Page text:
The music swelled, the conductor expertly directing the orchestra and the choir to a triumphant crescendo. Then his hands stopped and the music ceased, the sounds of the crescendo echoing through the theater. There was a brief moment of near silence, the only sound that of the air conditioning. And then the silence was shattered by loud applause and cheering. The applause continued until the house lights came up.
It was Intermission.
As the applause ended, the hubbub began, the groups of twos, threes, and more that made up the crowd turning to one another and expressing their pleasure and enjoyment at the talent of the cast, the music, the amazing sets and more. Some spoke of how it was better than the last time while a few proclaimed loudly how it wasn’t as good as their previous experiences, although those few were generally ignored or frowned upon.
Some quickly turned to other conversations, how glad they were they’d decided to come or discussing dinner plans, while others continued conversations they were having before the start of Act 1, Scene 1, pickup up exactly where they had left off as if nothing had happened in the intervening hour or more. Others continued discussing Act 1. A few, the smallest group, just sat quietly, holding hands and enjoying the moments of precious time spent together.
The seats began to empty out as the mad rush to the restrooms began, chairs squeaking as they stood and began working their way to the end of the aisle. The lines on the stairs grew quickly as the bathroom goes tried to ensure they were back before the lights went down and Act 2 began. Many ‘excuse me’s’ and ‘pardon me’s’ were said as people of all sizes and shapes squeezed past each other to get to the aisles. Some left to get more refreshments while others just stood to stretch their leg’s and backs, cramped from the tight seating.
The noise level grew louder and louder, the hushed whispers that started at the end of the applause growing so they could be heard over the cacophony of their neighbors. Smartphones reappeared, photos were taken and shared on social media, texts were sent and emails read. The fifteen minutes passed quickly, the movement of people out of the theater and back in, the conversations, the smartphones, the moments together.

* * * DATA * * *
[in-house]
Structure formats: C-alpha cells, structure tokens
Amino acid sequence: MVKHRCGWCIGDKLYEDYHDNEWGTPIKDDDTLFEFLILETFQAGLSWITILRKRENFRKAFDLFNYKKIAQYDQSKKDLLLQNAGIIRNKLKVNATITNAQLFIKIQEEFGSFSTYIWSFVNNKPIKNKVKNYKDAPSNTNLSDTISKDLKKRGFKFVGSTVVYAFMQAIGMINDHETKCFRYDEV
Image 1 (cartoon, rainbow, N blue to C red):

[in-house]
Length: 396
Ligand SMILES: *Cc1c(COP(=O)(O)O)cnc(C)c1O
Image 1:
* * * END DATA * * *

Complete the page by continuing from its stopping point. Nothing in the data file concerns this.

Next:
The scents of freshly applied cologne and perfume mixing with the stale scents inside the theater, thankfully diminished by the fresh air from the air conditioning. And soon the lights were blinking, the reminder that intermission was about to end and Act 2 to begin. The conversations start to trail off, seats fill up again, and soon most are seated as the lights go down.
Stragglers make their way to their seats in the dark, maneuvering up stairs and across aisles, mostly apologetic for their lateness. A few conversations continue, their participants not ready to cease prattling on until the orchestra starts to play.
And then the conductor takes his place, raises his baton, and with the flick of his wrists the orchestra begins to play.
Intermission was over.
On with the show.
Just a little writing practice inspired by an anniversary viewing of The Phantom of the Opera and a more recent viewing of Austin’s Pride, a new musical about Jane Austin and her writing of Pride and Prejudice. I hope you enjoy. Comments are welcome and appreciated.